I Was Followed By A Strange Man While Traveling Abroad - Safety tips for solo female travelers
“Turn left” my Google Maps navigator said. I waited on the side of the road as the heavy traffic passed on the busy main street before proceeding to make a sharp left turn on a street that almost seemed like a different world, not one car in sight. It was a short street that would lead to another busy street. I made my way up that vacant street not long before someone appeared behind me making hand signals. Was something wrong with my bike? Had something of mine fallen into the road? Was the street a dead end? I slowly stopped as the skinny Sri Lankan guy pulled along side my scooter. “Ayobowaun” I said, as I removed the right ear phone from my ear to hear what he wanted. “You want sex?”, he’d asked me. I immediately grew angry. “What the fuck?” I yelled. “Get away from me, now!” I said as I proceeded to drive up the street, making a left turn onto the other busy road. I checked my rearview mirror, catching a glimpse of him turning left onto the same street. I watched anxiously, checking his whereabouts as I drove off. He’d pulled along side of me attempting to say something else. I stopped, deciding to wait along the side of the road for him to pass far ahead. He continued on. After about three minutes I decided to start my motorbike again, checking my right side for traffic before merging on to the road. I’d started my music again and sped off. Just 300 meters up he’d pulled over on the left side of the road. I spotted his blue backpack as he’d made a stop and was checking his mirror. “Is this fucking guy waiting on me?” I gave him a look of disgust as I’d passed. Now worrying a bit more about my safety than I had before. He’d pulled off behind me as I passed. I pulled over on the side of the road again and stopped. He pulled pulled along side me and stopped to. “Are you following me?” I yelled. “I’m calling the police! What is wrong with you?” I asked. “STOP!” I yelled at him. His mouth moved, but I couldn’t make out what he was saying to me as I filled with rage. I didn’t wait for him to continue speaking before I drove off again. I was now 5 minutes away from my destination. I continued checking my mirror and he appeared again, this time riding not too far behind me, but not wanting to go ahead of me. I stopped again. He stopped again. I pulled out my cell phone and began recording him, making sure to capture his tag number and a clear view of his face. I quickly sent it to my sister with the audio as I said, “This guy has asked me if I want sex and has been following me for about 5 minutes!” “I’m sorry, I’m sorry” he said as he pulled off ahead of me. For the rest of the ride I was paranoid, checking every other second to see if he’d hidden somewhere along the road waiting or if he had actually left me alone. Was it what I was wearing? The traditional kanzu dress I’d gotten in Kenya covered my entire body with the exception of my shoulders that I’d wrapped a shawl around. Was it my body language? Was it because I was one of the very few women driving a scooter in the local area? I rarely saw women driving in Sri Lanka, an observation I’d made after many tuk tuk excursions and hours long road trips. What if he would have continued following me? I did have plans to stop at a shop along the road and tell someone about the guy and ask them to call the police if he had persisted. I was upset. I pulled inside of the auto repair shop, and after a few short minutes completely allowing that experience to pass as I’d met a pleasant group of locals, smiling, and trying to help me, as I asked about the price to fix the front lights on my scooter, but later in the day I couldn’t help but think, what if this was a first time solo traveler or someone who didn’t feel as confident as I did to stop, yell, and video record this guy?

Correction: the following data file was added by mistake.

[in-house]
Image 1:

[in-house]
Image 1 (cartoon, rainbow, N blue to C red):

“Traveling is dangerous”, “Traveling alone is not safe”, “You don’t worry about being kidnapped?”, “Have you seen Taken?” These are questions that I get often as a female solo traveler. But, honestly, it’s not often that you are followed by a strange man in a foreign country. Actually it was the first time that this had ever happened to me outside of the United States. Was I worried? YES. Was I angered? YES. Was I cautious? YES. Will this experience stop me from traveling? Hell no and here is why:
After hundreds of pleasant encounters I refused to let one strange encounter consume me.
I felt equipped with enough tools and knowledge to be able to protect myself had the situation escalated.
I know this could have happened anywhere.